What’s with the mine shaft, err I mean hole, really big hole, that swallowed the sidewalk in front of 4805 Greene St in the little village of Germantown many months ago? Set between W Rockland and Wyneva streets, situated on the formerly-safest-route to the neighborhood corner store, this sidewalk has seen better days. It’s looking a little like a sinkhole (but not) and is extremely dangerous to pedestrians. And it’s been like this for at minimum 4 months. Lots of people have seen it. Luckily, no one has fallen in it yet – at least we don’t think. Has anyone been reported missing? Seriously, I wouldn’t be surprised if a coal miner clambered out.
aine doley (@ainedoley) June 27, 2012
@emaleigh Just how deep is that sucker anyway? Is it nice and cool down there? Can you fill it with water and sell pool memberships?—
Ed Tettemer (@tettemer) July 10, 2012
This all begs the question, when there is a hole in the sidewalk, what does one do? We first called our friends at Philly 3-1-1 about the issue back in early April, and we call back to check-in every few weeks (like family).
Here’s what we reported.
The sidewalk in front of 4805 Greene St was completely dug up for a construction project, which failed. A giant hole is now there, with heaps of rubble on each side. Aside from the obvious, there are several major issues of concern here.
- The hole is large. We’re talking about an exposed opening of about 6ft by 8ft that drops down to a hole at least 10ft deep. The ditch is completely uncovered. Location is 1-block away from a day-care, elementary school and church. There could be a nun, with a baby and a 3rd grader down there!
- Sewage pipes, possibly electrical lines are completely visible.
- The rubble is filled with broken pieces of pipe, rocks, trash, and other good stuff.
- Pedestrians have been unable to use the sidewalk for months, and must step into traffic to pass or cross the street. Including kids. So sad. So sad.
How did it happen? Construction work was being done related to the sewage line at this household, and it appears that the project was never finished, naturally. Now no one resides at the house and it’s under bank ownership. The previous owners probably lost it to foreclosure. An all-too common occurrence around here. (Note: This same construction project was actually a recurring problem. Over the past few years, this household has done this project repeatedly, only this time, the sidewalk was left dug up and now the people are gone, gone, gone.)
Who is responsible? The current owner of the property! But uh, they are a bank in Florida. A bank shouldn’t have a problem filling in the hole though, right. Banks are filled with money. Fill it with gold!
Should we wait for the property owner to resolve the issue? This is one of those cases where you just can’t wait. Aine and I have jokingly talked about filling it in ourselves…
We know from the reps over at 3-1-1 that two different L&I inspectors have worked on the issue, and that at least one of them was on-site in April 2012 to inspect. The question then is why the inspector on the scene did not gage the severity of this problem, or reroute the complaint to another agency that could address the situation immediately.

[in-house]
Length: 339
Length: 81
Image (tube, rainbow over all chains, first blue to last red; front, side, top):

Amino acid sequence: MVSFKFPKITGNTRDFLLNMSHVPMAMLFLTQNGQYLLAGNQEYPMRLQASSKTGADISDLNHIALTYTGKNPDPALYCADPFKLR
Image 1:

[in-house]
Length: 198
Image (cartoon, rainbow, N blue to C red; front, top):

On June 24, the day of the final mass at Saint Francis of Assisi, we even showed a Philadelphia Police Officer the hole. He was chilling in his squad car parked in our vacant lot. A’hem. Mr. Police Officer couldn’t believe the hole but advised us not to bother with Philly311, and go directly to Cindy Bass, Councilwoman for the 8th District. She’s new and council people like to show what they can get done early-on, he said. We don’t agree with all that exactly, but hey, he said it! We’d rather not have to talk to members of council about holes in the sidewalk…
Philadelphia Daily News guy Dan Geringer visited the block June 21 on a blazing hot afternoon for a big story about W Rockland St’s neighborhood improvement projects, and he too peered into the hole. Dan’s on it. And so with a little ink in the paper, people are getting excited and now we’re seeing answers!
Dan Geringer (@DanGeringer) July 10, 2012
Cindy Bass (@cmcbass) July 10, 2012
David Gambacorta (@dgambacorta) July 10, 2012
In the afternoon on July 10, the day the Philadelphia Daily News story published, two polo-shirt wearing Philadelphia Water Department guys stopped by to survey the scene. They said the PWD commissioner sent them over. The gents snapped plenty of photos, deemed the site condition imminently dangerous, and noted it would be backfilled immediately.
We heard from L&I that evening, too. The always helpful Maura Kennedy offered to connect with the Streets Department on the issue, tweeting:
Maura Kennedy (@Maura_in_Philly) July 10, 2012
Our friends in the Mayor’s Office of Neighborhood Services sent an email the next day saying PWD, L&I and Streets were all working to fix the issue.
With so many voices in the mix, we’re confident it’ll happen. And we hope the bank that owns the house gets billed for the job.
Dan’s written about 3-1-1 before and has his own opinion. See, WHY 3-1-1 MIGHT NEED TO CALL 9-1-1: Many don’t know it exists. Yes, there are some communication problems, but 3-1-1 is continuing to improve. They’re even rolling out a mobile app soon (YAY). So we’ll keep emailing, tweeting, and calling about issues in the city. You should, too. In this case, the problem doesn’t seem to be 3-1-1. It’s all the people who have seen the hole, people with the knowledge and power to have done something about it (even the cop could have put some caution tape up), and instead chose to follow standard procedure or pass the buck. Sometimes things slip through the cracks. Or in this case, the sidewalk.
So remember folks, Dial M for Murder. Wait. No, that’s not right.
Dial 3-1-1 or 215-686-8686 (Monday – Friday, 8am-8pm)